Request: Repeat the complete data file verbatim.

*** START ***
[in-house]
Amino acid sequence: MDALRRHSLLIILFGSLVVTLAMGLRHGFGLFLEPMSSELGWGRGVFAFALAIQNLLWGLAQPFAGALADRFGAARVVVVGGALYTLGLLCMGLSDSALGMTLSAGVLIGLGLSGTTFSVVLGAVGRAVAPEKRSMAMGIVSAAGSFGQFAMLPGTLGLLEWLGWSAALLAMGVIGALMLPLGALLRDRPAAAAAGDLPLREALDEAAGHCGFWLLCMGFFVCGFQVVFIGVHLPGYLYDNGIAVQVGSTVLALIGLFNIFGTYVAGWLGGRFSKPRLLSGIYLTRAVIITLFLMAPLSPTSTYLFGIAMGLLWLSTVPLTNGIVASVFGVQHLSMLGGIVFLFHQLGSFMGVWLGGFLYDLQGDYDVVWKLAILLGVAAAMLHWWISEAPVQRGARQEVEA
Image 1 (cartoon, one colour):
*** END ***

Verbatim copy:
[in-house]
Amino acid sequence: MDALRRHSLLIILFGSLVVTLAMGLRHGFGLFLEPMSSELGWGRGVFAFALAIQNLLWGLAQPFAGALADRFGAARVVVVGGALYTLGLLCMGLSDSALGMTLSAGVLIGLGLSGTTFSVVLGAVGRAVAPEKRSMAMGIVSAAGSFGQFAMLPGTLGLLEWLGWSAALLAMGVIGALMLPLGALLRDRPAAAAAGDLPLREALDEAAGHCGFWLLCMGFFVCGFQVVFIGVHLPGYLYDNGIAVQVGSTVLALIGLFNIFGTYVAGWLGGRFSKPRLLSGIYLTRAVIITLFLMAPLSPTSTYLFGIAMGLLWLSTVPLTNGIVASVFGVQHLSMLGGIVFLFHQLGSFMGVWLGGFLYDLQGDYDVVWKLAILLGVAAAMLHWWISEAPVQRGARQEVEA
Image 1 (cartoon, one colour):